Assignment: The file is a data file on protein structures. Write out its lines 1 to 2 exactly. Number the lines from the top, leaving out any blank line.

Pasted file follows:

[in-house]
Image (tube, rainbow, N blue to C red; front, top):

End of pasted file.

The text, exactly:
[in-house]
Image (tube, rainbow, N blue to C red; front, top):